The trail climbs up the ridge on a series of switchbacks. Not too far above the gap we reached an opening on the ridge where we could see out. Mt. Pugh was clearly in sight. Whitechuck Mountain is just to the north as well. Other than a few low clouds the sky was clear.  More climbing brought us finally out of the forest. Now we had some open flower filled slopes and views south to Sloan and Bedal Peaks. I was not sure what to expect for the wildflower show and we were pleasantly surprised. Not a lot of brightly colored Indian paintbrush and lupine but huge fields of white Sitka Valerian and yellow flowers. In many places the flowers were more visible than all the green leaves. The show went on for miles and miles. The trail in the forest is in great shape. Out in the open it is narrow, sloughing in spots, and overgrown. Throw in some big steps up and down and the hiking gets a bit tedious. On the other hand the flower show was a marvel.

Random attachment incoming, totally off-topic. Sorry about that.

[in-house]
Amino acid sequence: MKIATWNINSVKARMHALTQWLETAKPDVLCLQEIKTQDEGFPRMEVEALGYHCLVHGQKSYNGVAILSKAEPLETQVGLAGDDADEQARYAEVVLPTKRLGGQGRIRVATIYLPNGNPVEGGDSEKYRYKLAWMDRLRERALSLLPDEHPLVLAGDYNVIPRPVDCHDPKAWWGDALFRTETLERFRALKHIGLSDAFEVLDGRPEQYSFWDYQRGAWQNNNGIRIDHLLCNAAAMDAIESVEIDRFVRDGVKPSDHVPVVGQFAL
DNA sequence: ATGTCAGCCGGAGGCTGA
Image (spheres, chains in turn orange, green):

With some ups and downs we continued climbing though now well below the ridge top for the most part. Views south improved with that elevation and we could see southwest to Del Campo, Sperry, Vesper, and Big Four Peaks. At least those were peaks I could identify. At a junction Gary led up uphill a short way to the ridge top. Here we were looking down on Round Lake. A group of day hikers with a dog left just ahead of us and we likely saw them down at the lake. It was 12:45 when we arrived. While we did not take a lot of photo stops in the forest we sure did once out in the open wildflower fields. The 3:40 we took to hike less than five miles attests to that. One set of switchbacks was especially memorable as the route climbed up an incredibly dense flower field.